Activism

Cinematic Lessons From a Cold War Era

Senior film critic Kurt Brokaw revisits the reissued 1995 doc, "Red Hollywood."


One of a million stills in "Red Hollywood" a documentary of the too-little seen films that fell sway to the Red Scare.

Kurt Brokaw matches Thom Andersen and Noël Burch’s tour de force of clips in their 1995 documentary Red Hollywood with a likewise ambitious recap of those clips. Film students take note, thanks to McCarthy, you haven't seen everything yet, but this doc will help you get there. Screening at Film Society of Lincoln Center August 15-21, 2014.

Red Hollywood
(Thom Andersen, Noël Burch. 1995. USA. 119 min.)

Do You Know Where Your Film and Video Masters Are?

Sandra Schulberg and Richard Pena are organizing the first IndieCollect meeting in NYC on December 9, 2013.


Preserving indie film is no small matter. Photo by DRsKulturarvsprojekt.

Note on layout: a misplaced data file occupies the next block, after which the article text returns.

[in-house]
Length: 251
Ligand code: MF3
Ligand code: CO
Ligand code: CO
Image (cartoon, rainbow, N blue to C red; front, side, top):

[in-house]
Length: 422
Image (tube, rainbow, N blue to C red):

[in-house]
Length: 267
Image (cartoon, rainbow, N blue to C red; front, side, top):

IFP founder Sandra Schulberg and former New York Film Festival director Richard Pena are spearheading a national initiative called indieCollect to save American independent films from extinction. The first meeting will be held on December 9th at 6 pm. Click here to learn about the meeting and about the effort, which is not limited to New York City.

Editor's Note: We are posting this email message from Sandra Schulberg at her request as a courtesy to our readers who share concerns over preserving and archiving independent films. We plan to follow this project and report more formally about its status in the future.

Begin message:

Julia Bacha on the Art of Non-Violent Filmmaking